US 6955042 B1
A single lean NOx trap (8) has an inlet manifold (10) with baffles (18–20) to divide the inlet manifold into three flow paths (11–13). Each flow path has a thermal reformer (24–26; CPO, (POX, or ATR) with an electric heater provided electric power by related lines (29–31). Fuel from a source (50) is controlled (45–46) to apply pulses of fuel through nozzles (40–42) into each corresponding path (11–13) in turn. A plurality of diesel particulate filters (14) are disposed in the flow paths (11–13) upstream of the lean NOx trap (8). A diesel oxidation catalyst (53) is disposed downstream of the lean NOx trap.
1. Apparatus for reducing oxides of nitrogen in the exhaust of an internal combustion engine, comprising:
an exhaust pipe for containing a stream of engine exhaust;
at least one lean NOx trap;
an inlet manifold extending between said exhaust pipe and said at least one lean NOx trap, said inlet manifold having baffles for dividing said inlet manifold into a plurality of flow paths;
a plurality of thermal reformers, each selected from a CPO, a POX and an ATR, each disposed in one of said flow paths within said inlet manifold;
a fuel nozzle extending into each of said flow paths for injecting internal combustion engine fuel into the corresponding flow path upstream of the related one of said thermal reformers;
a source of internal combustion engine fuel; and
means for selectively causing pulses of fuel from said source to be periodically injected into corresponding ones of said paths repetitively, for periods of time which are a small fraction of the time between pulses in each one of said flow paths.
2. Apparatus according to
electric heater means for heating the upstream end of each one of said thermal reformers coincident with the injection of fuel in a path corresponding to each said one thermal reformer.
3. Apparatus according to
an electric heater in the upstream end of each of said thermal reformers, and means for applying electric power to each of said heaters in timed relationship to the pulses of fuel injected by said nozzles.
4. Apparatus according to
a diesel particulate filter disposed either before or after said lean NOx trap in the stream of exhaust of said exhaust pipe.
5. Apparatus according to
a diesel oxidation catalyst disposed downstream from said lean NOx trap in said exhaust stream.
6. Apparatus according to
said baffles divide said inlet manifold into three or more flow paths.
This invention relates to apparatus for reducing oxides of nitrogen in the exhaust of an internal combustion engine, having a single, catalytic lean NOx trap (LNT) which has an inlet manifold dividing the flow into a plurality of separate flows between separation baffles, each of the separate flows having a thermal reformer, such as a catalytic partial oxidizer (CPO) catalyst, with optional means for heating the upstream end of the CPO catalyst and a nozzle for periodically injecting engine fuel, the CPO catalyst forming a hydrogen containing gas to regenerate the related portion of the LNT catalyst.
In one type of known system for reducing oxides of nitrogen in the exhaust of internal combustion engines (deNOx), it is known to have a pair of NOx adsorbent traps, such as with a barium carbonate adsorbent, one of which receives exhaust gas while the other receives desorbent (regeneration) gas, typically hydrogen containing reformate from a reformer such as a catalytic partial oxidizer (CPO), a non-catalytic, homogenous partial oxidizer (POx), or an autothermal reformer (ATR). To achieve this, there typically are four high temperature valves, two of which control the flow of exhaust to one of the traps or the other, and two of which control the flow of desorbent gas to the alternative trap.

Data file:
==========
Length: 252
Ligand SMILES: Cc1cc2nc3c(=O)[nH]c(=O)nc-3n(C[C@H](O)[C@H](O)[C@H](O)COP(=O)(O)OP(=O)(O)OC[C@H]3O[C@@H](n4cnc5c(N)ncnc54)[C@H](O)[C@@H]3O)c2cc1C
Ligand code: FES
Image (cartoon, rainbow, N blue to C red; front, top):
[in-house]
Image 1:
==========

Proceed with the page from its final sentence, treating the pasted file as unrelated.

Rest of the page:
Heretofore, such high temperature exhaust valves have been unable to operate without leakage. Typically on the order of 5% of the total engine exhaust will flow through the wrong adsorption bed during the adsorption period. Because there may be up to 15% oxygen in the engine exhaust, which oxygen will react with the hydrogen and carbon monoxide in the regeneration gas, a significant amount of regeneration gas is wastefully consumed by being combined with oxygen due to the leaks in the valves, which in turn wastes significant fuel. The reaction of the oxygen with hydrogen and CO of the desorbent gas will cause a rise in temperature which could deactivate the NOx adsorption bed catalyst.
High temperature valves required in controlling the exhaust and regeneration gas of a deNOx system are expensive and bulky.
Objects of the invention include: eliminating high temperature valves in exhaust deNOx regenerative adsorption beds; improvement in reduction of NOx to nitrogen and other harmless gases in internal combustion engine exhaust; reducing the size and complexity of NOx-reducing equipment for engine exhaust; simplified equipment capable of meeting EPA 2007 NOx emission requirements; and avoiding waste of regeneration gas that occurs due to valve leakage in alternating NOx adsorption systems.
This invention is predicated in part on the realization that injection of fuel into one of several exhaust inlet zones to a single low temperature LNT catalyst creates sufficient back pressure, due to the approximately 16 fold volume expansion of the injected fuel, to divert more exhaust to the others of the zones. As an example, in a three-zone embodiment, the diversion reduces the share of exhaust in each zone from 33%, when none of the zones are in the regeneration mode, to on the order of 25% of the total exhaust, as a result of the increased flow and temperature resulting from conversion of fuel to syngas. The small portion of exhaust provides oxygen, steam (humidity) and heat, that are required for the CPO in that same zone to partially oxidize the diesel exhaust and generate syngas (H2 and CO) for lean NOx trap (LNT) regeneration.